Re: SSA in the presence of procedure calls

Diego Novillo <dnovillo@redhat.com>
30 Sep 2006 17:40:04 -0400

          From comp.compilers

Related articles
SSA in the presence of procedure calls devriese@cs.tcd.ie (Edsko de Vries) (2006-09-28)
Re: SSA in the presence of procedure calls dnovillo@redhat.com (Diego Novillo) (2006-09-30)
Re: SSA in the presence of procedure calls dannyb@google.com (Daniel Berlin) (2006-09-30)
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From: Diego Novillo <dnovillo@redhat.com>
Newsgroups: comp.compilers
Date: 30 Sep 2006 17:40:04 -0400
Organization: Red Hat Canada
References: 06-09-156
Keywords: SSA, GCC

Edsko de Vries wrote on 09/28/06 22:51:


> int* global_a;
>
> void f()
> {
> *global_a = 2;
> }
>
> void g()
> {
> int a, b;
> global_a = &a;
> a = 1;
> f();
> b = a;
> }
>
> How do I translate g() into SSA form? The problem is, of course, the
> last assignment - what subscript do we give to a? Do we need to insert
> a phi-function after the call to f (since without interprocedural
> analysis we have no way of knowing whether f does or does not modify
> a)? Let me emphasize that I'm not looking for an interprocedural SSA: a
> "simple" intraprocedural SSA is okay, but I need to be able to deal
> with function calls.


It depends on whether the compiler you are using represents memory in
SSA form or not. GCC does it using a mechanism similar to the SGI
compiler (we call it Virtual SSA form). You can read details about this
in http://people.redhat.com/dnovillo/Papers/#gcc2004 or in the Tree SSA
section of the GCC internals manual starting with version 4.0.


Essentially, GCC rewrites into traditional SSA form all the variables
that it deems "registers" (variables of scalar types with local scope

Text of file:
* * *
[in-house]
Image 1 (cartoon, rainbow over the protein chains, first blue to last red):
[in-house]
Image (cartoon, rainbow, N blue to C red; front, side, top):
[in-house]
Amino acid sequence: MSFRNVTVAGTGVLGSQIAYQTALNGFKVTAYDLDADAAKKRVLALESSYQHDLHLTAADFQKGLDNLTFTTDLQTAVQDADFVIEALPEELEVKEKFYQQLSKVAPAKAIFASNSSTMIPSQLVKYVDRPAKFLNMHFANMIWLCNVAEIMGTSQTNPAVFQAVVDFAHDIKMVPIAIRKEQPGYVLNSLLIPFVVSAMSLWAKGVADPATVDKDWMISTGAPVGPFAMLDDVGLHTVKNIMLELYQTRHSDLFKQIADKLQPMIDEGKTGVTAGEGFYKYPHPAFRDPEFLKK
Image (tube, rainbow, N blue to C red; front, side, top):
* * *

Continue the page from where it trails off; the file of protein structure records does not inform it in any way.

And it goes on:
and non-addressable). Everything else is deemed "memory" and it's
represented using virtual definition and virtual use operators (VDEF and
VUSES in GCC's parlance). The operands in these operators are renamed
using Factored Use-Def chains to keep both UD and DD chains.


> To my surprise, gcc simply generated
>
> a.0 = 1;
> f();
> b.0 = a.0;


That's indeed wrong. Which version of the compiler were you using? GCC
4.1 generates:


f ()
{
    # BLOCK 0 freq:10000
    # PRED: ENTRY [100.0%] (fallthru,exec)
    *global_a = 2;
    return;
    # SUCC: EXIT [100.0%]
}


g ()
{
    int a;


    # BLOCK 0 freq:10000
    # PRED: ENTRY [100.0%] (fallthru,exec)
    global_a = &a;
    a = 1;
    f ();
    return;
    # SUCC: EXIT [100.0%]
}


(b is killed during the first DCE pass). To see both forms, use the
-fdump-tree-all-vops switch. All the IL dumps generated will show both
the SSA and the Virtual SSA forms generated.


In this case, you should see for g() something like this for the initial
SSA form (after alias analysis):


g ()
{
    int b;
    int a;


    # BLOCK 0
    # PRED: ENTRY (fallthru)
    # global_a_2 = V_MUST_DEF <global_a_1>;
    global_a = &a;
    # a_4 = V_MUST_DEF <a_3>;
    a = 1;
    # global_a_6 = V_MAY_DEF <global_a_2>;
    # a_7 = V_MAY_DEF <a_4>;
    f ();
    # VUSE <a_7>;
    b_5 = a;
    return;
    # SUCC: EXIT
}


Future versions of GCC are going to include changes to the Virtual SSA
form, but up to version 4.2 you should get something like the above.


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